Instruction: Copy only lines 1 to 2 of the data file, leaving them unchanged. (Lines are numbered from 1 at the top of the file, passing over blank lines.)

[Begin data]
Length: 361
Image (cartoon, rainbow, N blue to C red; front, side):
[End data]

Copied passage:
Length: 361
Image (cartoon, rainbow, N blue to C red; front, side):